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Saturday, September 01, 2018

Nat Long

NAT LONG
by
Robert J. Kirkpatrick

Nat Long had a 30-year career as a commercial artist and illustrator, although much of his work appears to be uncredited and unrecorded. He was, perhaps, best-known for a number of covers and dustwrappers for, mainly, thriller and crime novels in the 1930s and 1940s, and for his illustrations for editions of Tom Brown’s Schooldays and The Coral Island in 1948. It is also known that he had a long association with the publishers Birn Brothers, who specialized in greeting cards and postcards and cheap children’s story and picture books.

He was born on 12 January 1893 in Christchurch, Bournemouth (then in Hampshire), and named Nathaniel John Long. His father, also named Nathaniel, was a general labourer, born in Bournemouth in 1873, one of several children of Matthew and Emily Long. Nathaniel senior married Levina Ann Curtis in Christchurch in early 1892, but he appears to have been a rather unpleasant character. The Bournemouth Guardian reported on 6 August 1892 that he had been fined 5 shillings for drunkenness, and the same newspaper reported on 6 January 1894 that he had been bound over to keep the peace for 12 months after being convicted of fighting. Later that year, The Southern Echo (18 October) reported that he had been charged with threatening to kill his wife, although the Magistrate’s Bench declared that his wife was nearly as much to blame – he has ordered to pay costs and bound over for two months.

This appears to have led Nathaniel and his son to move to Southwark, London. On 24 October 1898 Nathaniel junior was enrolled in Waterloo Street School, Southwark (with his address given as 61 Hodson Street), and on 27 June 1899 he was enrolled at Pocock Street School, having moved to Warwick Street, Southwark. Father and son remained in Warwick Street for the next few years, although not without further trouble – in February 1901 Nathaniel senior, still working as a labourer, was convicted of disorderly conduct and assaulting two police constables, and was jailed for 21 days with hard labour (The South London Press, 16 February 1901).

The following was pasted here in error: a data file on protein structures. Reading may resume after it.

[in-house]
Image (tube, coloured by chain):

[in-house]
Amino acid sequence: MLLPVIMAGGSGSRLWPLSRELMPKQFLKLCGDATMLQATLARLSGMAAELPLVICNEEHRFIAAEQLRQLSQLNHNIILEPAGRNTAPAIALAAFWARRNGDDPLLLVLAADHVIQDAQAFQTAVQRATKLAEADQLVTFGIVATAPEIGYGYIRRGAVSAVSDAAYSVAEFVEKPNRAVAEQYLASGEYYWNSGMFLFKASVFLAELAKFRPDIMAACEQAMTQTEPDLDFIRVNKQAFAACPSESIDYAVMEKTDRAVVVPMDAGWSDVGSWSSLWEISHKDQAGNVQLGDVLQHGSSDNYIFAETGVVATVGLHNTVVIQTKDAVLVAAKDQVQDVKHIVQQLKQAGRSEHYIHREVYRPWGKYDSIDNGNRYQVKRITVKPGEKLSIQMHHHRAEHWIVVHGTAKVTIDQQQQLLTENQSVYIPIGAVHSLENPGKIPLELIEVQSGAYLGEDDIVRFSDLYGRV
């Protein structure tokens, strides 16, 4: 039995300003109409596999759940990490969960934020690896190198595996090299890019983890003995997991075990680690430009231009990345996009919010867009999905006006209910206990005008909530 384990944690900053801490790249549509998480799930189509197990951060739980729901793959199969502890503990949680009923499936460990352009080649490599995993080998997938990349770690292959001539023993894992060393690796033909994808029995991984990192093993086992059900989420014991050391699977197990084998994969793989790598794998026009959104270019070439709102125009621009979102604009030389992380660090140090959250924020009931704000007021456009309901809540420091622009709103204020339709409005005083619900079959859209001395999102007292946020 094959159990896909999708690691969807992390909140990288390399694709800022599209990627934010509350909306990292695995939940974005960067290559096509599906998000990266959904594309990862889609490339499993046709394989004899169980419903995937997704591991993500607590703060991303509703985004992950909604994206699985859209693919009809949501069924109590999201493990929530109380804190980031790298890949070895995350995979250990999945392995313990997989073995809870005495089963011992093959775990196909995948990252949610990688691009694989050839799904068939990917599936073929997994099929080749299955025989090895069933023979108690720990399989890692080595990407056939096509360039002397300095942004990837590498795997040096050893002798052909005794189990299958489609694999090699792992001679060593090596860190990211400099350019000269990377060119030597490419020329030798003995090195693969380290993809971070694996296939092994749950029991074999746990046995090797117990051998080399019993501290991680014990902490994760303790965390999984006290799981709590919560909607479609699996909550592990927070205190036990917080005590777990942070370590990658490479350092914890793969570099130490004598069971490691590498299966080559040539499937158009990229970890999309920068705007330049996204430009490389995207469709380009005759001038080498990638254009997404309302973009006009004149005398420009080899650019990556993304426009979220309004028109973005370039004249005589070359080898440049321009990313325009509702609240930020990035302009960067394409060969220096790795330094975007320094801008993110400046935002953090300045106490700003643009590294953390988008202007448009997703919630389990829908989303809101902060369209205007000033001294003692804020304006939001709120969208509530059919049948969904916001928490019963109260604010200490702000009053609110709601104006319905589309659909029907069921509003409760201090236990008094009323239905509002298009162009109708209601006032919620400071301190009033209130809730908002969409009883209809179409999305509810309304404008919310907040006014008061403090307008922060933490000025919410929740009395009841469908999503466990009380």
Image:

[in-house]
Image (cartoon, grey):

By 1904, he and his son had returned to Bournemouth, where in June 1904 he, along with his younger brother George (born in 1887) were found guilty of a breach of the peace and ordered to pay costs (The Western Gazette, 24 June 1904).

At the time of the 1911 census, the young Nathaniel was working as a page at a boarding house at 9 Chine Road, Bournemouth. However, later that year he enrolled at the Bournemouth West School of Science and Art in Poole Hill, Bournemouth.

His career as an artist was temporarily postponed by the outbreak of the First World War. He joined the 1/4th Battalion of the Royal Hampshire Regiment and served as a signaller in Mesopotamia and Persia between 1915 and 1918. During his time overseas he practiced his art, and in February 1920 he exhibited around 60 black and white drawings and watercolours, produced when he was in the Far East, at his old college (by then the Bournemouth Municipal College). Later that year he married Rose Helen Turner, born on 18 January 1895, the daughter of John Turner, an auctioneer, in Christchurch. They subsequently moved to 12 Ashgrove Road, Bromley, Kent, where they remained until the mid-1930s.

It is not known exactly when Long established himself as an illustrator. His earliest-known work was a series of illustrations for Cassell & Co.’s The New Magazine and Cassell’s Magazine in 1928, and the Amalgamated Press’s The Corner Magazine and The Thriller in 1929. His work also appeared in Little Folks in the early 1930s. At roughly the same time he began providing dustjackets for a variety of publishers, including Hurst & Blackett, John Long, Collins, Jarrolds and the Eldon Press. He was less prolific as a book illustrator, with his earliest illustrations appearing in a horror/mystery story by Walter S. Masterman in 1932. He signed his work wither “Nat Long” or “NL.”

He also produced a handful of etchings and aquatints in the 1930s, art deco portrayals of nude young women in boats or on water.

At the time of the 1939 Register Long and his wife (they appear to have had no children) were living at 10 Stone Road, Bromley, with Long described as a “Commercial Artist and Illustrator.” He also had a studio at 5 New Court, Carey Street, between around 1930 until at least 1948.